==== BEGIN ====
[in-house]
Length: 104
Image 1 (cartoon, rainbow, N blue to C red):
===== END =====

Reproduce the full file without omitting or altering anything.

[in-house]
Length: 104
Image 1 (cartoon, rainbow, N blue to C red):